Last night I didn’t sleep much. I tossed and turned in my bed, and thoughts tossed and turned in me. My sheets wrapping me up like a present. Around 4am I listened to Eckhart Tolle for a bit and learned how I create my own suffering. Then I listened to Sydney Banks and learned that there’s no such a thing as suffering. Then I listened to David Whyte and learned that the poet Fleur Adcock used to be a librarian and she wrote erotica.

Eventually, I just lay there and listened to my thinking. How I was trained at an early age to listen for the message behind words. That narrow safe moment between my dad sober and his staggering. The silence of his rage as it strolled into the room before him. How bewildered I was at the stark reality of his disinterest in me. How he could never mask his unwavering disgust at the inferiority of my gender. How I reflected his failure to provide a necessary heir. Hollowed and melancholy, I began bending my way around the innumerable years, walking with a stoop under the weight of his collapsed heart, and mine. With parents, there’s always a story.

It was 5am. I turned on my side and away from thoughts of my dad. Ok, so I guess I should’ve gotten up to make tea but thinking is so addictive. Then I thought about humans and how we all have the same thoughts, at one time or another. Is the only difference between Hitler and me that I don’t act? I don’t act; I could do much with that. But if all personal thought is impersonal, how can I believe any of it? And if it’s not to be believed, then I’m back thinking Eckhart Tolle is right and I do create my own suffering. And Sydney Banks is right and there really isn’t such a thing as suffering. And how I’d like to be a librarian writing erotica. Then I’m back at wondering if I’ll ever have sex again.

Then it was 5.05am. All that happened in just 5 minutes. I lay there a bit longer and remembered a call I had yesterday with my friend Linda. I was talking about my going back to England, about my dad, and about how, when I was five, I made myself a promise never to love him.

“I’d like not to hate him,” I said to Linda. I was in my office. Sage hung around the ceiling like a cloud without an afternoon breeze. I could hear the gardener’s leaf blower outside shaking things up. I stared at a picture of my father on the bookcase. He looked more like a waxwork person than a waxwork person looks. His arms stiff and hanging like dead branches. No laugh lines to wrinkle his stiff face. Even the frown between his eyes was stiff. His traveler pants crease so stiff his pants could have walked away vacant of him. Poor dad I thought. Never quite the child, the father or the man he wanted to be. “But I made myself a promise,” I said.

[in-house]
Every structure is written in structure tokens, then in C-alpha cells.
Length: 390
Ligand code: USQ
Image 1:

I lay in bed and started to think about Anita Moorjani. How her body healed once she left it. How when she died, so did the toxic biology of her thinking. When she came back to life her cancer was gone. I thought about how it was my biology that made the promise about my dad so I guess I can let it go, well if I want to be more than my biology that is. But what healed Anita Moorjani’s body? By now it was 5.30am and I was exhausted. I mean I was back where I always end up, contemplating the meaning life and the reality of all that exists beyond our intellectual comprehension. How much of me is fear, how much is love. How much is me, how much of me is God.

It was time to get up, which I did. And I went for a run. Shaking off like a wet dog all thoughts about God, and fathers, and promises, and stiff frowns, and decades of stooping through life. By the time I got home I was back at thinking about more serious things, like if I’ll ever have sex again and what sort of milk to put in my tea.

The Weight of Thought